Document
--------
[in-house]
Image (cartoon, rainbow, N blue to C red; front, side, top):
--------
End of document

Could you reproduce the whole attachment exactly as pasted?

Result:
[in-house]
Image (cartoon, rainbow, N blue to C red; front, side, top):